Lemonade This is a sweet little bakery on Cambie St. They have an excellent selection of breads, cakes, and other little nibbles. Quality is good here, but the location means we don’t visit often.
Panne Rizo We like to come to this bakery to grab a yummy sandwich on the way to the beach. They have some sweet stuff too, but their savoury items are what they are better known for.
Edible Flours Laura goes here often as it’s close to her office. You would think she would bring home treats for me as well, but alas, some days I must accept I am not constantly the centre of her world. Everything here is vegan and they have an extensive gluten-free selection. Knowledgeable about cross-contamination, they make sure to keep a clean kitchen.
Cartems This famous donuterie is not entirely gluten-free, but it is such a treat to find a gluten-free donut that I couldn’t pass it over. My favourite here is the honey parmesan donut, but they usually have a selection of a few different flavours. If there is a flavour you would like to try, but it’s not available gluten-free, you can request one to be made and they will set it aside for you the next morning when they’re cooking up a fresh batch.
Smallflower Associated with The Wallflower restaurant, this bakery shut its doors recently. You can still find them at farmer’s markets or order online though.
Two Daughters Bakeshop Located in North Vancouver, we haven’t tested this bakery out yet – let us know how it is if you go! Their vegan and gluten-free wares are available at numerous locations throughout Vancouver as well.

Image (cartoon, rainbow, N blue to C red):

Cloud 9 Specialty Bakery Located in New Westminster, you’re not likely to stumble across this one. However, it’s right at the New Westminster Quay which is a bit of a tourist attraction. (My mind was completely blown when I found out New Westminster had the largest tin soldier in the world. IN THE WORLD! Bam!). We have had a lot of desserts from this bakery because I have family in New West and they love making sure they have treats for us – and I love them for it! I have yet to encounter a dessert here I don’t like.
Zena’s Gluten-Free Bakery There is really no reason to go to Maple Ridge. We only know about this place because Laura grew up here and our favourite hair stylist works out this way. Still, if you’re heading out of Vancouver, you might want to consider a detour to this bakery. Their bagels and cinnamon buns are to die for! Just get there early before they’re all gone.
Gluten-Free Restaurants in Vancouver